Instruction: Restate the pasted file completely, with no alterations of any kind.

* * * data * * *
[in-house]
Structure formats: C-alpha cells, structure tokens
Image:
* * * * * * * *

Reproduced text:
[in-house]
Structure formats: C-alpha cells, structure tokens
Image: